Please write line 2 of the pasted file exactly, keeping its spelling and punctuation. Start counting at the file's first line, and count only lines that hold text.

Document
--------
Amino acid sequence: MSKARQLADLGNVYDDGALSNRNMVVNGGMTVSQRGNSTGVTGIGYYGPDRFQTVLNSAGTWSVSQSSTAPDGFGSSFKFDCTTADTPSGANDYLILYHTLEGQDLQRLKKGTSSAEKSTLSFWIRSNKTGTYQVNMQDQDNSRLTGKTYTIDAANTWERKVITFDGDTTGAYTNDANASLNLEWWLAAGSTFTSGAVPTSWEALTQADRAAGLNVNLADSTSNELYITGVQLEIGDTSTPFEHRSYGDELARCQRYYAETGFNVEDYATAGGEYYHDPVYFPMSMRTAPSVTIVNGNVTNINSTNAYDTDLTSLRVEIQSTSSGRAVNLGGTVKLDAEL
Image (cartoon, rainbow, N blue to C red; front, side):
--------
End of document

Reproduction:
Image (cartoon, rainbow, N blue to C red; front, side):